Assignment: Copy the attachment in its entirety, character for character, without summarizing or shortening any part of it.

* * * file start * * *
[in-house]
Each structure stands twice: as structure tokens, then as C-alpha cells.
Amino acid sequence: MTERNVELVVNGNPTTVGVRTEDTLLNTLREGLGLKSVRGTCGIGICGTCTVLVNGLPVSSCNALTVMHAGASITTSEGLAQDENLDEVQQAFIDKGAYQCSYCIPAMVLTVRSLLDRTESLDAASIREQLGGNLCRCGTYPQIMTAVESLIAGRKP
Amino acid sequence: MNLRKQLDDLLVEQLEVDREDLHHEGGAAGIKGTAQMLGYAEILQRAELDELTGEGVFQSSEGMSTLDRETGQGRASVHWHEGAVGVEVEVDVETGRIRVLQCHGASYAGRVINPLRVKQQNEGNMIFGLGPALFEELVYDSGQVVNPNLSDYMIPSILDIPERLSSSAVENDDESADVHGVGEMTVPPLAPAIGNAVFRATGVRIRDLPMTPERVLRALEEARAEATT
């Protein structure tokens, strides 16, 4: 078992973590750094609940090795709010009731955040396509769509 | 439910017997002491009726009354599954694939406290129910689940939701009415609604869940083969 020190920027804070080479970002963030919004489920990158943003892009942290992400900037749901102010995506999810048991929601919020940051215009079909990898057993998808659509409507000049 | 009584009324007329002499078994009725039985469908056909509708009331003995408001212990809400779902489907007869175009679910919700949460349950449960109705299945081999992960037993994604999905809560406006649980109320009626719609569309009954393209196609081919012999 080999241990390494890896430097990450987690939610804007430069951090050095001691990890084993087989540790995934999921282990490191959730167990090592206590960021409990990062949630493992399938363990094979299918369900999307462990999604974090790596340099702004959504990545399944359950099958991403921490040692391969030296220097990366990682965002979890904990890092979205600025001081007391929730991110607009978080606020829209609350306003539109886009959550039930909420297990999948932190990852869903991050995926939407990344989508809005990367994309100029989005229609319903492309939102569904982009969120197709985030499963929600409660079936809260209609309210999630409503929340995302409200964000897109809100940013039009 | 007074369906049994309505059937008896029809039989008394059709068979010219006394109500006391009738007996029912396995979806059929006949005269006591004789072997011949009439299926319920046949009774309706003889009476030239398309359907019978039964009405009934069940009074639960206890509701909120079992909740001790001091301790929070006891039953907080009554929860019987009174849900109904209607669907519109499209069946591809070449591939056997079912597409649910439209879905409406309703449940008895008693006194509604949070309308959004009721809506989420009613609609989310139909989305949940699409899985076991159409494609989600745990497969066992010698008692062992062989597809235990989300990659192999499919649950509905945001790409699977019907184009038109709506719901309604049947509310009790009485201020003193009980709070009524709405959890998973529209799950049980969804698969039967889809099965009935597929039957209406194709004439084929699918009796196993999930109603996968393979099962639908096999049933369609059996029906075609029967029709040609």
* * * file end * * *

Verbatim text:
[in-house]
Each structure stands twice: as structure tokens, then as C-alpha cells.
Amino acid sequence: MTERNVELVVNGNPTTVGVRTEDTLLNTLREGLGLKSVRGTCGIGICGTCTVLVNGLPVSSCNALTVMHAGASITTSEGLAQDENLDEVQQAFIDKGAYQCSYCIPAMVLTVRSLLDRTESLDAASIREQLGGNLCRCGTYPQIMTAVESLIAGRKP
Amino acid sequence: MNLRKQLDDLLVEQLEVDREDLHHEGGAAGIKGTAQMLGYAEILQRAELDELTGEGVFQSSEGMSTLDRETGQGRASVHWHEGAVGVEVEVDVETGRIRVLQCHGASYAGRVINPLRVKQQNEGNMIFGLGPALFEELVYDSGQVVNPNLSDYMIPSILDIPERLSSSAVENDDESADVHGVGEMTVPPLAPAIGNAVFRATGVRIRDLPMTPERVLRALEEARAEATT
């Protein structure tokens, strides 16, 4: 078992973590750094609940090795709010009731955040396509769509 | 439910017997002491009726009354599954694939406290129910689940939701009415609604869940083969 020190920027804070080479970002963030919004489920990158943003892009942290992400900037749901102010995506999810048991929601919020940051215009079909990898057993998808659509409507000049 | 009584009324007329002499078994009725039985469908056909509708009331003995408001212990809400779902489907007869175009679910919700949460349950449960109705299945081999992960037993994604999905809560406006649980109320009626719609569309009954393209196609081919012999 080999241990390494890896430097990450987690939610804007430069951090050095001691990890084993087989540790995934999921282990490191959730167990090592206590960021409990990062949630493992399938363990094979299918369900999307462990999604974090790596340099702004959504990545399944359950099958991403921490040692391969030296220097990366990682965002979890904990890092979205600025001081007391929730991110607009978080606020829209609350306003539109886009959550039930909420297990999948932190990852869903991050995926939407990344989508809005990367994309100029989005229609319903492309939102569904982009969120197709985030499963929600409660079936809260209609309210999630409503929340995302409200964000897109809100940013039009 | 007074369906049994309505059937008896029809039989008394059709068979010219006394109500006391009738007996029912396995979806059929006949005269006591004789072997011949009439299926319920046949009774309706003889009476030239398309359907019978039964009405009934069940009074639960206890509701909120079992909740001790001091301790929070006891039953907080009554929860019987009174849900109904209607669907519109499209069946591809070449591939056997079912597409649910439209879905409406309703449940008895008693006194509604949070309308959004009721809506989420009613609609989310139909989305949940699409899985076991159409494609989600745990497969066992010698008692062992062989597809235990989300990659192999499919649950509905945001790409699977019907184009038109709506719901309604049947509310009790009485201020003193009980709070009524709405959890998973529209799950049980969804698969039967889809099965009935597929039957209406194709004439084929699918009796196993999930109603996968393979099962639908096999049933369609059996029906075609029967029709040609």